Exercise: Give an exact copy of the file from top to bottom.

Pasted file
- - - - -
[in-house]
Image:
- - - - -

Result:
[in-house]
Image: